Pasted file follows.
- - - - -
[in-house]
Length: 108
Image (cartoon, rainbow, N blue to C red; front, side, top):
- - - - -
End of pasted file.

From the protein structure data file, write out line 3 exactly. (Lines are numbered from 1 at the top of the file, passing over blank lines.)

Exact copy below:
Image (cartoon, rainbow, N blue to C red; front, side, top):